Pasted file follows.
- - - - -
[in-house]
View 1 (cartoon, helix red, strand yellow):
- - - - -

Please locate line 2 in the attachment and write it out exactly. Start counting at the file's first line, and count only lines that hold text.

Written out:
View 1 (cartoon, helix red, strand yellow):